Two of the big passions of my life have been yoga and my dog... that's my greyhound Haku at the top of the page. I was lucky enough to have him for nearly ten years, just a bit longer than I've been teaching yoga.

When I first started yoga, I sometimes found it hard to get motivated to practise at home. Then I noticed how Haku would get up every day and automatically do a dog pose. I realised:


“That’s all I have to do! A dog a day."

It was this simple mantra that got me on the mat. And once I’d done a dog pose, I’d usually go on to do more yoga...


I hope the name encourages people to do the same, because doing even just a little bit makes a difference – it’s the start of something. I hope it will inspire you!


June/July 2022 


I'm teaching in-person studio classes through June and July, click here for details.

I also have a selection of pre-recorded sessions available to anyone who has attended my live classes in the past - please find the selection here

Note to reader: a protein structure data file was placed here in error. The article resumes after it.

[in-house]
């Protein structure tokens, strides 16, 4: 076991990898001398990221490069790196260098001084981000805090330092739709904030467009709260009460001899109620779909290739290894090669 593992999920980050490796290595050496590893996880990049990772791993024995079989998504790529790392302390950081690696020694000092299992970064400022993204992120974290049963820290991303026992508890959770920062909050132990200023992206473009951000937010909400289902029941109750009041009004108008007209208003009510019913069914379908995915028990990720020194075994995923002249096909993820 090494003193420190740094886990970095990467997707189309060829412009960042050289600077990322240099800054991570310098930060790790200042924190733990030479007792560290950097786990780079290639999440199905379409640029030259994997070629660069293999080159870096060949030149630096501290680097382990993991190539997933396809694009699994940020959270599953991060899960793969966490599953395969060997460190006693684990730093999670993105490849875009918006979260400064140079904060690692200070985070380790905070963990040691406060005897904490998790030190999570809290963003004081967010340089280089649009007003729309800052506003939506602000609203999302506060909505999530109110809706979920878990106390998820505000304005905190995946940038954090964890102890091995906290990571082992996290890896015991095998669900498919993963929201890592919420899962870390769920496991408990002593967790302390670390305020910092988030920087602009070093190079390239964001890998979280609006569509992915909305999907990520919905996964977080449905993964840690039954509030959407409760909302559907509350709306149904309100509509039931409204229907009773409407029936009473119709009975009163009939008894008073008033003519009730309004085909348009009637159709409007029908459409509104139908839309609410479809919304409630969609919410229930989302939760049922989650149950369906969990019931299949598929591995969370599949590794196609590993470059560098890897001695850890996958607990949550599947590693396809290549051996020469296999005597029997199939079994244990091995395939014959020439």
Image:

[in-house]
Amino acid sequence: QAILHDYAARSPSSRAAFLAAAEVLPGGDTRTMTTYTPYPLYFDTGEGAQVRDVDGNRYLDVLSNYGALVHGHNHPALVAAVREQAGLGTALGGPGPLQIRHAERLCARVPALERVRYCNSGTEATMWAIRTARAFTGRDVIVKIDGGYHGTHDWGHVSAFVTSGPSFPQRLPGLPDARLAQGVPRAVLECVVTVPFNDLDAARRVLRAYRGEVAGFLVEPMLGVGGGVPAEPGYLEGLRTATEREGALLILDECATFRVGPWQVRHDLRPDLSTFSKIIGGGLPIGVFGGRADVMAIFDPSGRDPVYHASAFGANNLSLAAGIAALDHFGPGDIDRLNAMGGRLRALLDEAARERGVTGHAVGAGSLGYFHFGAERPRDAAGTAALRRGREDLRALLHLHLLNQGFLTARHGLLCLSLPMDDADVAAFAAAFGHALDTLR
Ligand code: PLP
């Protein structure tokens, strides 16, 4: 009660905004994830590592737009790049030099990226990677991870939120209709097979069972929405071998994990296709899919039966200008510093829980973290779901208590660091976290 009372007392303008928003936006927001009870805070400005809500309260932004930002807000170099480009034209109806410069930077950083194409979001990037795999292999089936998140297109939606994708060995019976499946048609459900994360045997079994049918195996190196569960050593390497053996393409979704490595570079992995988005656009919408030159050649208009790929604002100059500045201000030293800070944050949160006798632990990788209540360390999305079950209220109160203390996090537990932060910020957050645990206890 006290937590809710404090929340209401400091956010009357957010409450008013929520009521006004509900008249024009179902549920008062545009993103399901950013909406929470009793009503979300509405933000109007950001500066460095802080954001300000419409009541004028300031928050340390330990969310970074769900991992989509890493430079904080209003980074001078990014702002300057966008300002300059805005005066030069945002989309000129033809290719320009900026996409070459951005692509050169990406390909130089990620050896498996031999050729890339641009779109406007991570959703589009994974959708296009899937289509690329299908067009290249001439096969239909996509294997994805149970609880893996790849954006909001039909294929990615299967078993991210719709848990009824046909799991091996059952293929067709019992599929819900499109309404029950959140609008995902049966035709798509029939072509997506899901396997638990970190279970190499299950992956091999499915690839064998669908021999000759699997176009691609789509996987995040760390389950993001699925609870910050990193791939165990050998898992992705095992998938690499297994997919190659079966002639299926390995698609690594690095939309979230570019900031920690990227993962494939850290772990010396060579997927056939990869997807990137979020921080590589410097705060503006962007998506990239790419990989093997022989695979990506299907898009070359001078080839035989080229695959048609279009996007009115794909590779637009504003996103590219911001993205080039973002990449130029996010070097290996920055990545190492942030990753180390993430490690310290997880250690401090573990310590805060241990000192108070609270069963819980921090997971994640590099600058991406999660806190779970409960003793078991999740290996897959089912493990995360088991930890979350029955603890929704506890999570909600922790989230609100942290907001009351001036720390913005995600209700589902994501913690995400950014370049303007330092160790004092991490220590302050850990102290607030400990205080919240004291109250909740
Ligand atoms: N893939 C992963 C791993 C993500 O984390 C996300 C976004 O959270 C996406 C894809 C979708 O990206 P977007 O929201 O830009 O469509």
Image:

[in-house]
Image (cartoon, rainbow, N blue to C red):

All good wishes


Who can do yoga?


Anybody can do yoga! Yoga is not just for flexible people. In fact it’s more helpful for people who aren’t already flexible, or fit or healthy. In my classes, you simply need to be able to get up and down off the floor.


Even if there are certain things you can’t do, there are lots that you can. There are always options, choices, alternatives…. If one particular pose is difficult there will be ways to approach it differently. Whether its about injury or body shape or flexibility or confidence.

What do you want from your yoga?
  • Take time out from your busy life

  • Listen and learn the language of your body

  • Undo tension and unhelpful habits of movement

  • Learn to move with more freedom, ease and grace

  • Connect with your body

  • Whatever your shape – inhabit it with love and kindness

  • Respect your body and learn to trust yourself

  • Grow in confidence

  • Be curious about the world within

  • Explore with a gentle sense of adventure

  • Find a sense of calm and ease

“Don’t worry so much about the external look of the posture... be more interested in the internal feel of the movement and how it is in your body rather than trying to copy what someone else is doing.”